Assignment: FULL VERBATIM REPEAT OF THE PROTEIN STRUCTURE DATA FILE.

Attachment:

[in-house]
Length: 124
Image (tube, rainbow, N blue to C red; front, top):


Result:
[in-house]
Length: 124
Image (tube, rainbow, N blue to C red; front, top):